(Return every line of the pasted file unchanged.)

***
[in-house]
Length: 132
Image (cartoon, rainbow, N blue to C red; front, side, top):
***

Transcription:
[in-house]
Length: 132
Image (cartoon, rainbow, N blue to C red; front, side, top):